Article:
ALMOST 2500 foreign workers were brought to Queensland in the past year to fill vacancies in mining and construction.
Figures from Department of Immigration and Citizenship showed in the 12 months to February 21, a figure of 34 per cent of international workers to the state were delivered to these boom industries.
The numbers illustrate the disparity between the state's boom and bust economies, as a skills crisis grips part of the state even as more than 50,000 attended the Queensland Government's recent sessions on how to join the resources industry.
The demand for talented overseas workers is only increasing, with British workers easily most used, as the United States and India almost tie for second.
About 1360 construction workers arrived in the past 12 months on 457 or "Temporary business long stay" visas.
That is more than double the 670 construction workers that arrived the year before.
For mining, international worker numbers increased from 560 to 1180 in the same period.
Construction Forestry Mining and Energy Union construction state secretary Michael Ravbarcor said the use of these visas was a way to "bring in foreign workers who (businesses) can exploit by paying lower wages".
"Their employer can threaten to cancel their visa and ship the 457 worker home if they bring up any concerns of safety or wage conditions," Mr Ravbar said.
He added that the Housing Industry of Australia and Master Builders Queensland - both employee groups - believed the skills shortage was exaggerated.
The immigration figures showed newly-arrived construction workers earned a total of $124,400 a year on average - an amount higher than their counterparts in other states apart from the Northern Territory.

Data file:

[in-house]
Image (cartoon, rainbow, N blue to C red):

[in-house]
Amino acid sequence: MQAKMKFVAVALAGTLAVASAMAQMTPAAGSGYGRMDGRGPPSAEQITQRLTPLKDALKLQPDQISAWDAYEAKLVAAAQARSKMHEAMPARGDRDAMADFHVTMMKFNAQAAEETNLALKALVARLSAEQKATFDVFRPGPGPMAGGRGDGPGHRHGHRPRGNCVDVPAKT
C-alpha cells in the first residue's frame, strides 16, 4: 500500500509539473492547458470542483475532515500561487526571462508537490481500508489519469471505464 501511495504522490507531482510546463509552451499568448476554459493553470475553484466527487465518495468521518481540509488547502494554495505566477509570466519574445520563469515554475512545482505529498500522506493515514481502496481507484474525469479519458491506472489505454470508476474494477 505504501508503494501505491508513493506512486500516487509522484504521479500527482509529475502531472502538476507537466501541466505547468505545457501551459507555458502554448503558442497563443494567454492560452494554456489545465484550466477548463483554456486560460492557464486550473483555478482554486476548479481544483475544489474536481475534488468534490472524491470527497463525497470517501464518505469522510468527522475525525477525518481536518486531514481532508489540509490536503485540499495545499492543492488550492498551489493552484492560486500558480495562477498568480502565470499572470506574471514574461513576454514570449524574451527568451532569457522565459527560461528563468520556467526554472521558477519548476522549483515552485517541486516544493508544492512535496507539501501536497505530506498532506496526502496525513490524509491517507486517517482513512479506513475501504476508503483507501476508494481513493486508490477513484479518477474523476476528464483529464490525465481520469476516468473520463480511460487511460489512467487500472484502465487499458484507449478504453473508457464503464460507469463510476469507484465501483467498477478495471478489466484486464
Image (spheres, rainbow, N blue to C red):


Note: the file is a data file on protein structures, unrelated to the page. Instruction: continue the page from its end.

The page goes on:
Mine workers on a 457 visa earned a total of $131,900 on average - with only Western Australia and Northern Territory paying more.
Chamber of Commerce Industry Queensland advocacy general manager Nick Behrenscor said the state needed workers because the few people who could do the job would not move to regional areas.
"They don't want to go west, they want to stay on the eastern seaboard and aren't prepared to relocate to regional Queensland," he said.
"The process is very stringent, you cannot source a 457 visa if there are people to fill the position."
He said accusations of poor pay by unions was "an absolute furphy".
As more workers were sucked into the black hole of the mining industry, he said skilled construction workers in isolated or regional areas had to be brought from elsewhere.
"If you look at the broad economy, you could argue that we are undergoing poor economic conditions which makes you think we don't need 457s," he said.
"But parts of the economy are doing very well and, accordingly, they're continuing to need skills in construction, mining and health."
Coming to the land Down Under
In the past 12 months:
- 7380 - number of workers coming to Queensland on 457 visas in 2011/12.
- Of those 1360 (18.4%) were for construction jobscor, another 1180 (16%) were in miningcor
- The amount of workers on 457 visas for the two industries doubled in 12 months.
- In total for Queensland, 1710 came from the UK
- 740 came from the United States
- 720 from India
- 590 from Ireland.
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